Around this time, John Clum became agent of the San Carlos Reservation in east central Arizona. He was a notoriously pompous man. The Apache would nickname him the “Turkey Gobbler” because they thought he walked like a turkey. Clum travelled to the Chiricahua Reservation to order all the Chiricahua people to the San Carlos Reservation. He met with Cochise’s son, Taza, who had taken up the mantle of chief as his father had prepared him to do. Also at the meeting was Juh, whose brother-in-law often spoke for him because Juh had a stutter. Juh’s brother-in-law’s name was Goyakla. He would become known as Geronimo.
Goyakla to Geronimo: The Making of a Legendary War Leader
Geronimo was not a chief, but a medicine man of the Bedonkehe band of the Chiricahua Apache. He would eventually become their leader because he believed, like Cochise before him, that his people deserved freedom. Geronimo had been one of Cochise’s most devout warriors. He had helped him take captives after the Bascom Affair and had fought alongside him during the Battle of Apache Pass. Mangas Coloradas had been Geronimo’s chief, and Geronimo had been present at Mangas’ death.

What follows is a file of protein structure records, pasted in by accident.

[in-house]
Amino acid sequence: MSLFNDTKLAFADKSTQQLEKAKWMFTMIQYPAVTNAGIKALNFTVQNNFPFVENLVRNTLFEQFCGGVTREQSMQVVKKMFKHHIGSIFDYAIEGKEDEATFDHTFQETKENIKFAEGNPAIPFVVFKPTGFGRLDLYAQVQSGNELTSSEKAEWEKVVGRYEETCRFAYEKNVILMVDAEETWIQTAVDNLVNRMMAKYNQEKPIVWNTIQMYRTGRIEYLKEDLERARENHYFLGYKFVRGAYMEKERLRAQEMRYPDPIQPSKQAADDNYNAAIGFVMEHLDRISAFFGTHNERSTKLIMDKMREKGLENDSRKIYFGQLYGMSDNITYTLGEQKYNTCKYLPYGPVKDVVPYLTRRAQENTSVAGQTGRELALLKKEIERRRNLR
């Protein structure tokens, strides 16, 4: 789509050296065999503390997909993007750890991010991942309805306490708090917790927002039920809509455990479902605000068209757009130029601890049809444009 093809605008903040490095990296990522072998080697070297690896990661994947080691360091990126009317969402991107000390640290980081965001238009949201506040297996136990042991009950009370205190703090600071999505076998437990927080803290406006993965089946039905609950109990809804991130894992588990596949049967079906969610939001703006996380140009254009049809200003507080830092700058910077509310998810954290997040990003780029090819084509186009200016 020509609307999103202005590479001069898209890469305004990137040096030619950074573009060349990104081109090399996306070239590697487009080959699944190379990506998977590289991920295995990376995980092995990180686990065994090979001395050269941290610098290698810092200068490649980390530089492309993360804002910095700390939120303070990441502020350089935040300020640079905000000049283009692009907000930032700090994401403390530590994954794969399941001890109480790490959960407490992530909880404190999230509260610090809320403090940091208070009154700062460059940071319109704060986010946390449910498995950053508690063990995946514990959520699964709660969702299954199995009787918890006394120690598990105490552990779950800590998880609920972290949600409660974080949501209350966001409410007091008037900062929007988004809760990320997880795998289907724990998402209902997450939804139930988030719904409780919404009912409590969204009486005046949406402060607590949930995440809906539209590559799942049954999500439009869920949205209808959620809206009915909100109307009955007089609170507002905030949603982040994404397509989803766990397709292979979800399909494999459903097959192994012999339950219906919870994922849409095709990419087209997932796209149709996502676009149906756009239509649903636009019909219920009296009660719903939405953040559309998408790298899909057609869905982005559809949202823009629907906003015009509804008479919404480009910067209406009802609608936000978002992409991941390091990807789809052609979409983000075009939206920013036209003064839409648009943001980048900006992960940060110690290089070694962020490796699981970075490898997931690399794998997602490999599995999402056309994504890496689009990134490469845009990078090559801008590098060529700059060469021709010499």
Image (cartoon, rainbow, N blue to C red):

Geronimo was born on the Gila River in New Mexico, not far from the Gila Cliff Dwellings. His birth name, Goyakla, meant “one who yawns.” He would go on to become a brilliant war leader. While Cochise was a noble leader, Geronimo was more of a rogue.
As a young man, Geronimo had lost one of his wives, some of his children, and his mother to a massacre carried out by Mexican soldiers. He would never forgive the Mexican people for this nor forget his hate for them. Geronimo felt he had little purpose after this event. One night, atop Bowie Peak, he heard Usen’s voice on the wind say to him, “You will never die in battle, nor will you die by gun. I will guide your arrows.”
Geronimo believed this to be true for the rest of his life, and for good reason. He petitioned to Chief Cochise and Chief Mangas to campaign deep into Mexico to avenge his family’s death. Geronimo told them he would lead the battle as he did not care whether he lived or died. It was during this campaign that Geronimo would get the name he is known by today.